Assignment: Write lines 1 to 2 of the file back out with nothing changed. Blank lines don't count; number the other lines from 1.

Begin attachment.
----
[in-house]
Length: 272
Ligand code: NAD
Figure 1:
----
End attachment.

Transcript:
[in-house]
Length: 272